Thursday, November 20, 2014

Hikes Around Loreto, BCS, MX ---Nov. 2014

For the past few years, a group of us from the Loreto Bay area have been exploring some of the hiking areas. We first hiked with Señor Ken---A Canadian hiker--who organized a number of interesting hikes. On one we were joined by DeeDee and Dave Kelly who wrote "Hiking Loreto". After Señor Ken migrated to the La Paz area to hike there, a group of us in Loreto Bay continued hiking using "Hiking Loreto" guide book.
The hikes described below continue that activity. Gary and Heidi, who did the 5 day Kayak Tour with me, were on all of these hikes, plus they did a few more on their own.
The biggest difference this year is that we have lots of water in the arroyo hikes. With warm weather in November, we also have set up a tradition of swimming somewhere during our hikes. Very refreshing!
Our first day hike was to Tabor Canyon which was always unpredictible on what we would find following the hurricane seasons. We were not disappointed this time.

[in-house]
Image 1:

After meandering up the boulder filled arroyo, we finally came to some water that trickled over a few rocks and disappeared into the river bed. A few hundred feet more and we began to come to lots of pools of water and soon we could no longer just jump across the widening river.

Our hike soon became a scramble as we went from one side of the canyon to find places we could safely scale without danger of falling.
Heidi, Natalie, and Joseph are scrambling along the steep canyon walls just before the last waterfall we come to before turning around.

Finally we could go no further since the wall we had to scale was steep, crumbly with a great exposure to damage of life or limb right where we came to the tallest waterfall.
Here is where we started our tradition of going swimming on all of our hikes. Very refreshing with a back massage thrown in.